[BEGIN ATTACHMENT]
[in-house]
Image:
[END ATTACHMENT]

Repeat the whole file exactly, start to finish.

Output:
[in-house]
Image: